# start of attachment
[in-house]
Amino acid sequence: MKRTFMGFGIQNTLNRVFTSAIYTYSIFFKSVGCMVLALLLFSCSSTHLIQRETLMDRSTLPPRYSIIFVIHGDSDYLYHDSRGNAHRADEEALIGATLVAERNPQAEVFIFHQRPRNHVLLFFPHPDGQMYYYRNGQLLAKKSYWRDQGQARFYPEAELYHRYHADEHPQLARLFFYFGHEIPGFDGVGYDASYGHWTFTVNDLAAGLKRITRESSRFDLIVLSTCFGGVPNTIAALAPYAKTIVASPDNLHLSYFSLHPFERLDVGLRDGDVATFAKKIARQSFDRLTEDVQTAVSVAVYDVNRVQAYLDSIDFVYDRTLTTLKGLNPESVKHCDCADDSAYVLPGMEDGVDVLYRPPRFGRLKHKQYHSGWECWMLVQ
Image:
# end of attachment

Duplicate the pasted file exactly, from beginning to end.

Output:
[in-house]
Amino acid sequence: MKRTFMGFGIQNTLNRVFTSAIYTYSIFFKSVGCMVLALLLFSCSSTHLIQRETLMDRSTLPPRYSIIFVIHGDSDYLYHDSRGNAHRADEEALIGATLVAERNPQAEVFIFHQRPRNHVLLFFPHPDGQMYYYRNGQLLAKKSYWRDQGQARFYPEAELYHRYHADEHPQLARLFFYFGHEIPGFDGVGYDASYGHWTFTVNDLAAGLKRITRESSRFDLIVLSTCFGGVPNTIAALAPYAKTIVASPDNLHLSYFSLHPFERLDVGLRDGDVATFAKKIARQSFDRLTEDVQTAVSVAVYDVNRVQAYLDSIDFVYDRTLTTLKGLNPESVKHCDCADDSAYVLPGMEDGVDVLYRPPRFGRLKHKQYHSGWECWMLVQ
Image: